Just a Spoonful of Anthrax

In his State of the Union address President Bush did his best to foster this subliminal linkage, asking us to “imagine those 19 hijackers with other weapons and other plans—this time armed by Saddam Hussein.” This followed a sentence about chemical agents and lethal viruses.

The supreme irony is that the specter the president raises is much more likely to become real if the US launches war against Iraq. Such is the considered judgment of the US intelligence community provided in a letter to the Senate Intelligence Committee on October 7, 2002:

“Baghdad for now appears to be drawing a line short of conducting terrorist attacks with conventional or chemical/biological warfare against the United States. Should Saddam conclude that a U.S.-led attack could no longer be deterred, he probably would become much less constrained in adopting terrorist actions. Saddam might decide that the extreme step of assisting Islamist terrorists in conducting a weapons-of-mass-destruction attack against the United States would be his last chance to exact vengeance by taking a large number of victims with him.”

But what about nuclear weapons? Didn’t the president warn last fall that Iraq could produce a nuclear weapon in less than a year?

He did. But apparently his staff has since reminded him of the formal judgment of his own intelligence community, the British, and others that Iraq will not be able to do so until the end of the decade—if then. And the head of the UN’s International Atomic Energy Agency reported last week that his inspectors “have to date found no evidence that Iraq has revived its nuclear weapon program since the elimination of the program in the 1990’s.”

The lack of a persuasive casus belli does not bother the Bush administration, since Congress has already given the president carte blanche to make war and few in Congress are inclined to insist on an answer to why Iraq poses an imminent “grave threat to the United States.” With the spotlight turning this week to the United Nations, administration officials are happy to be able to focus debate more narrowly on UN resolutions.

That Iraq is in violation of Resolution 1441 is as easy to prove as, say, that Israel is in violation of Resolution 242 of 1967 requiring Israel to withdraw from occupied Arab territories. But the case for an imminent attack on Iraq as the preferred solution is far more difficult to build. That is why the Western alliance is more deeply split now than at any time since World War II.

In making its case for war, one of the hurdles the administration faces is, ironically, a function of the wide intelligence sharing arrangements already in place with major allies. This has made it more difficult to manipulate intelligence reporting for political purposes. If there are major surprises in the evidence that Secretary Powell lays before the UN Security Council on Wednesday, our major allies are likely to be more inclined toward skepticism than credulity.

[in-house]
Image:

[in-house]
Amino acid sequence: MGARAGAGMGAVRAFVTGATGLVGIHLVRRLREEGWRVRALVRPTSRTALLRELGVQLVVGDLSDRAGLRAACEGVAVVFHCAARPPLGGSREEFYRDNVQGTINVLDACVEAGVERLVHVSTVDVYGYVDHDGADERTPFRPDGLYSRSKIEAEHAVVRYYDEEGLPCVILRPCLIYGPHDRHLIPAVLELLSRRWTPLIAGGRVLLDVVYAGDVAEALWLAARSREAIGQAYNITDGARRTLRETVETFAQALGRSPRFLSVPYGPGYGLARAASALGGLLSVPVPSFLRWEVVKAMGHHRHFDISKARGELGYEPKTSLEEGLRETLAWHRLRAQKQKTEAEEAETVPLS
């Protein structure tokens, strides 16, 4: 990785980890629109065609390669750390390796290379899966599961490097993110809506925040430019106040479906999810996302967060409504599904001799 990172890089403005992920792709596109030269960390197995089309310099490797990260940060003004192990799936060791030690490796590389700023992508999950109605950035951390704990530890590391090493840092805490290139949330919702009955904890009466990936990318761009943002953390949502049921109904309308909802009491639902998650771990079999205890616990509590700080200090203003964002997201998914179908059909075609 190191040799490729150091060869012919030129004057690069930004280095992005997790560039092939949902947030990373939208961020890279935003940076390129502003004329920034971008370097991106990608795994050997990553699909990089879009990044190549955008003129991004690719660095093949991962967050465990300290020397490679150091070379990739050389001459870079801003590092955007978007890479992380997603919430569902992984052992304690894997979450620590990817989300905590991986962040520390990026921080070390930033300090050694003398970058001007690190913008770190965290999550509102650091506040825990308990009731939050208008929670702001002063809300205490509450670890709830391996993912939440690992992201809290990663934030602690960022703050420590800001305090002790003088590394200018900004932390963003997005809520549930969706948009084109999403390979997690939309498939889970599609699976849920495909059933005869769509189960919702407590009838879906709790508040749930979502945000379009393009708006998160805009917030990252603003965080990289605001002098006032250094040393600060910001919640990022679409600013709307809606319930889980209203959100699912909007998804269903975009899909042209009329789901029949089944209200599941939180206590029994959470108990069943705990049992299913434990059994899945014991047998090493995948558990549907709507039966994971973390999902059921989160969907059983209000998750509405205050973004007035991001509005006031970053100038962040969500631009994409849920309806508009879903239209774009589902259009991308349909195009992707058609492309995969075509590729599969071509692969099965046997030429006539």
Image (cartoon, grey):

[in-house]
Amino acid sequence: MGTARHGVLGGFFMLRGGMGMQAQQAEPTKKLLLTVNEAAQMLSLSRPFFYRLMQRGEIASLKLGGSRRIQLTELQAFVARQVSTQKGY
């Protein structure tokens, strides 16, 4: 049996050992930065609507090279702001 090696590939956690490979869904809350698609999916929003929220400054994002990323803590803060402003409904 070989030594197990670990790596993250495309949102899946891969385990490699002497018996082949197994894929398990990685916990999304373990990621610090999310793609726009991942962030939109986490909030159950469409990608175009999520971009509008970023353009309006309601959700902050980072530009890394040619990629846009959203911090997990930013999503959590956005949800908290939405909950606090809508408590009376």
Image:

That the best intelligence cannot be shared without jeopardizing “sources and methods” is a red herring. The best intelligence is regularly shared with minimal danger of compromise. In the case of satellite imagery, for example, it is no secret that technology is available to automatically alter the resolution and conceal other parameters before sensitive imagery is passed to those not cleared for the original.

Rather, it is a safe bet that the administration’s main reason for withholding intelligence information on Iraq is that so much of it is so elusive and inconclusive. Perhaps the most revealing recent comment on this came last week from Republican Senator Pat Roberts, chair of the Senate Intelligence Committee who described the administration’s case as “compelling but circumstantial—the transportation of ‘X,’ delivered to a shed where ‘Y’ is thought to be happening.” Compelling?

Highly disturbing are the eerie parallels with our country’s misguided slide into Vietnam. Military historian H. R. McMaster has observed that former Defense Secretary Robert McNamara’s arrogance and disregard for military experience and for history led him to draw principally from his civilian staff in the Department of Defense. This, of course, helped lead to tragedy in Vietnam, as McNamara has since openly acknowledged (“We were wrong, terribly wrong.”)

Against that background retired Gen. Norman Schwarzkopf’s deep misgivings over the wisdom of attacking Iraq and his undisguised disdain for Rumsfeld acquire additional resonance.

Armitage should know better. His spoonful of anthrax may help blacken Iraq by innuendo, but it will not make the bitter medicine of war go down any easier.

Ray McGovern was a CIA analyst for 27 years. He is now co-director of The Servant Leadership School, an inner-city outreach ministry in Washington, DC.

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